The Malta Independent 24 February 2020, Monday

Stranded NGO vessels not allowed into Malta so not to set a precedent – Prime Minister

Albert Galea Sunday, 6 January 2019, 10:32 Last update: about 2 years ago

The vessels belonging to the NGOs Sea-Watch and Sea-Eye, which have a total of 49 migrants onboard, have not been granted entry into Maltese ports so as not to set a precedent for future cases, Prime Minister Joseph Muscat said on One Radio on Sunday morning.

The Prime Minister said that how the situation was handled was “a matter of principle” so not to set a precedent and turn Malta into a centre where boats carrying rescued migrants from any part of the Mediterranean could go.

He said that he would not go into the issue of whether the NGOs in question followed the directions of the responsible authorities, saying only that they had both been granted permission to sail closer to Malta so to take shelter from bad weather.

Speaking more in general terms, Muscat took aim at countries which were trying to be “bullies” about the migratory situation – a clear jibe at Italy - and at those who were cheering these said bullies on, saying that Malta was looking like the weak country for following the rules and rescuing migrants who were within their zone of responsibility.

Muscat said that Malta’s position when it came to dealing with migration was “very simple” and was based on namely two principles which go hand-in-hand: firstly that human life is safeguarded and secondly that there are no compromises on national security.

In fact, the Prime Minister noted, the Armed Forces of Malta had rescued 249 migrants without “complaining or dragging their feet” as these migrants were “literally sinking” and were in waters that Malta was responsible for.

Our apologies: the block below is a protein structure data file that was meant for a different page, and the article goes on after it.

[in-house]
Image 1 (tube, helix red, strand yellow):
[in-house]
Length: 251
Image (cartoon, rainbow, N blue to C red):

He said that discussions were ongoing and called for a solution that will not only redistribute the migrants currently stranded offshore, but one which will also apply to all future cases.  He also questioned whether Malta would be getting any help from other countries in dealing with the 249 migrants that they had just rescued.

Muscat also dedicated part of his air-time to discussing the government’s thirst for change as opposed to continuity, saying that the results gained since Labour took government were due to “continuous change”. 

He mentioned various sectors such as the economy, education, infrastructure, health, political activism, security, the environment and social matters such as pensions as examples to show that there had been success and that it had been powered by this element of continuous change, noting that it was only through changes such as the bringing in of the Blockchain and Artificial Intelligence industries that the government could financially support reforms in the various aforementioned sectors.

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